Devout Muslims believe that their goal is to liberate the world from darkness by replacing man-

made forms of governance with Shari’ah. They believe that the world exists in a state of

darkness called Jahiliyya, which means “ignorance of God’s ways.” 33

Muslims once used this

term to describe Arabic tribes before their conversions, but now apply it to any nation that does

not adhere to Shari’ah.

Even though many “moderate” Muslims do not heed bin Laden’s call for Jihad today, they sympathize with his cause. They also want to lash out at imagined humiliations and restore Islam’s ancient reputation for being the world’s reigning moral and political authority. For example, Mahathir Mohamad, the Prime Minister of Malaysia (now retired), gave this speech at the Tenth Islamic Summit Conference on October 16, 2003:

…All Praise be to Allah, by whose Grace and Blessings we, the leaders of the Organization of Islamic Conference countries are gathered here today…to plot a course for the future of Islam and the Muslim ummah 34 worldwide ... I will not enumerate the instances of our humiliation and oppression, nor will I once again condemn our detractors and oppressors. It would be an exercise in futility because they are not going to change their attitudes just because we condemn them. If we are to recover our dignity and that of Islam, our religion, it is we who must decide, it is we who must act.

To begin with, the Governments of all the Muslim countries can close ranks and have a common stand, if not on all issues, at least on some major ones, such as on Palestine 35

From being a single ummah we have allowed ourselves to be divided into numerous sects, mazhabs 36 and tarikats, 37 each more concerned with claiming to be the true Islam than our oneness as the Islamic ummah. We fail to notice that our detractors and enemies do not care whether we are true Muslims or not. To them we are all Muslims, followers of a religion and a Prophet whom they declare promotes terrorism, and we are all their sworn enemies. They will

  • 30 Ibid, Chapter 8, section entitled The Verse of the Throne, page 113.

  • 31 The Koran for Dummies, by Sohaib Sultan, Wiley Publishing, Inc., 2004, Chapter 14, section entitled Preserving religion, page 204.

  • 32 Ibid, Chapter 16, section entitled Witnessing the Truth, page 238.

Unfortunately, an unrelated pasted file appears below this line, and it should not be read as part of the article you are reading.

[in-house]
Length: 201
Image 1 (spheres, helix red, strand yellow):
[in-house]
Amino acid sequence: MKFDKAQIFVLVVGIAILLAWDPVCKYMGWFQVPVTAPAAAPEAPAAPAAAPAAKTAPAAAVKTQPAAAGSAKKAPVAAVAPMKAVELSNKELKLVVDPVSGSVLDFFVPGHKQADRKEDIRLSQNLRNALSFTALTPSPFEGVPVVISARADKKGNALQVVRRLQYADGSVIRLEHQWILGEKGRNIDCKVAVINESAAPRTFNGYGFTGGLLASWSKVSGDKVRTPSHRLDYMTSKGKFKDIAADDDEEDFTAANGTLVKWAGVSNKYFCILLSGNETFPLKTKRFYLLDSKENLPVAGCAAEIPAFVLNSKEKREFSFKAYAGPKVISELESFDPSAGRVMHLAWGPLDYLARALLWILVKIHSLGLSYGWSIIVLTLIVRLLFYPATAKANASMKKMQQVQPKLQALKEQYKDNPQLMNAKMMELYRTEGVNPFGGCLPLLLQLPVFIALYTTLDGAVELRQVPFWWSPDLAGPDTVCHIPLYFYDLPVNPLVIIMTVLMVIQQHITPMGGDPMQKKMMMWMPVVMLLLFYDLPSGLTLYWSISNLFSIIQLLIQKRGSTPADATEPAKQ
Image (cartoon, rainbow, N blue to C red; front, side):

• 33 Ibid, Chapter 7, section entitled Qutub: The controversial revolutionary, page 101.

  • 34 The worldwide community, i.e. nation, of Muslim people. Also referred to as the Ummah Islamia.

  • 35 Throughout this book, the author adds emphasis to quotes via underlining. Special emphasis is occasionally made via bold black print.

  • 36 The teachings and principles of a particular sect of Islam.

  • 37 Lodges or Orders, usually headed by a teacher or master known as mürsit.

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attack and kill us, invade our lands, bring down our governments…And we aid and abet them by attacking and weakening each other, and sometimes by doing their bidding, acting as their proxies to attack fellow Muslims ...

…over the centuries…the Muslim civilization became so weak that at one time there was not a single Muslim country which was not colonized or hegemonized by the Europeans. But regaining independence did not help to strengthen the Muslims. Their states were weak and badly administered, constantly in a state of turmoil. The Europeans could do what they liked with Muslim territories. It is not surprising that they should excise Muslim land to create the state of Israel to solve their Jewish problem… The early Muslims were as oppressed as we are presently. But after their sincere and determined efforts to help themselves in accordance with the teachings of Islam, Allah had helped them to defeat their enemies and to create a great and powerful Muslim civilization. But what effort have we made especially with the resources that He has endowed us with?

We are now 1.3 billion strong. We have the biggest oil reserve in the world. We have great wealth…We are familiar with the workings of the world’s economy and finances. We control 57 out of the 180 countries in the world. Our votes can make or break international organizations. Yet we seem more helpless than the small number of Jahiliyya converts who accepted the Prophet as their leader ...

Today we…are treated with contempt and dishonor. Our religion is denigrated. Our holy places desecrated. Our countries are occupied. Our people starved and killed. Today, if they want to raid our country, kill our people, destroy our villages and towns, there is nothing substantial that we can do. Is it Islam which has caused all this? Or is it that we have failed to do our duty according to our religion?

Our only reaction is to become more…angry. Angry people cannot think properly. …They launch their own attacks, killing just about anybody including fellow Muslims to vent their anger and frustration…The enemy retaliates and puts more pressure on the Governments. And the Governments have no choice but to give in… … There is a feeling of hopelessness among the Muslim countries and their people. They feel that they can do nothing right…The Muslims will forever be oppressed and dominated by the Europeans and the Jews… … It cannot be that there is no other way. 1.3 billion Muslims cannot be defeated by a few million Jews…And we can only find a way if we stop to think, to assess our weaknesses and our strengths, to plan, to strategize, and then to counter attack